MAIC Micro Move #1

As many of you know we've been visiting classrooms for the past few weeks. We want to extend a heartfelt thank you to all the teachers who have opened their doors and all the students who have shared their thinking with us. We have learned so much from each of you! So much in fact, that we felt we needed to add a new type of post to the MAIC blog. The MAIC Micro Move – a spotlight on those small but mighty teacher moves that are actually the foundation to building an amazing classroom learning culture.


The first to receive this small but significant honor is Lauren and her 6th grade class. Here's the move.


Lauren's class was in the midst of making sense of a table they had started the day before in response to this problem: "Can you help Crystal figure out the reduced price of chewy fruit worms given this information?"


Lauren posed the question, "We came up with an interesting prediction didn't we? Javier thought that 150 would correspond to 15 in the table. Why did he think that? Talk to a neighbor.


The students turned to their partners and shared their thinking. When Lauren brought them back together a number of students wanted to share their thinking with the whole class. After two students shared some preliminary ideas, circling around the idea of a unit rate, one student went up and concisely described how he had determined the unit rate and how you could use it to predict the value for 15. I followed every word he said perfectly. His logic was beautiful. As I was busy being impressed by his reasoning, Lauren, causally leaning against a table at the side of the room said in a neutral tone, "Hmmm, I think I'm here," and she held her thumb up sideways, "what about the rest of you?"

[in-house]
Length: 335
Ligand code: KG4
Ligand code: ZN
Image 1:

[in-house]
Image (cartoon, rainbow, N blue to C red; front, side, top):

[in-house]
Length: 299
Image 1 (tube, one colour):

As I scanned the student thumbs in the classroom, it was immediately apparent that what had felt crystal clear to me, was anything but to the students. Most had thumbs in the sideways position, many had their thumbs down, and only a few had their thumbs up.


What Lauren knew, but what was not immediately apparent to me, was that just because a student hears something explained beautifully– by a teacher or another student – it does not mean that they necessarily understand what was said. A perfect explanation of a mathematical concept by one student means that ONE student understands. Not a whole class full. She followed up her question with another pair share, asking those with sideways thumbs to share first. Then she asked if anyone had follow-up questions for the presenter.


The reason this move was so powerful was that she modeled skepticism and normalized confusion. She stated it clearly and visually (with her thumb) and implicitly gave every student in her class permission to admit their own partial understanding. It was a small but powerful teaching move.


Creative Commons Attribution Non-Commerical Licence 4.0 

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